Published in Rungh
What is remembered matters. As a filmmaker and, later as a writer, I have been exploring how we remember, through the preservation of material objects for the past couple of decades.
The power to define our understanding of the past, to frame our present and envision a future, stem from the archive.
At the personal level, every day we unconsciously whittle away our own archives, we make choices of what to keep and what to throw out, what we retain is a reflection of our own identity and history at a particular moment.
At the national level, similarly, archivists, like immigration officers, make choices. They are gatekeepers, legally vested with great discretionary power. Immigration officers, with little accountability can determine who can enter the country and who cannot. Similarly archivists, in the national archive have the power to determine what material enters the collective memory of the nation and what is discarded. Archivists have the immense power to shape what generations will learn about their histories. What is collected and made accessible by them, primary source material, will get used by historians, lawyers, writers, journalists, students and genealogists and the like. Choices are made which reflect not only the zeitgeist of the time but who the archivists are. From the national to the local level, archivists have been, and for the large part continue to be, white. Since the national identity of Canada for its first hundred years has been of “A White Man’s Country”, it is would be fair to assume that groups historically excluded by racist immigration laws are also barely represented in the collections.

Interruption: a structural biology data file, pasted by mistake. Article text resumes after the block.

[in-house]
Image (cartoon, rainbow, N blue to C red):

The process of making meaning from fragments of primary evidence becomes increasing creative as the evidence becomes spotty and sparse. Hence a single piece of primary source material, such as an uncaptioned photograph would need a total act of imagination and creativity, to conjecture what might have been going on at that time the image was created. It would essentially be fiction based on surrounding contextual facts. A single piece of evidence about a racialized group, otherwise ignored, would have huge significance for an artist who could have a field day exploring the enigma represented by this evidence.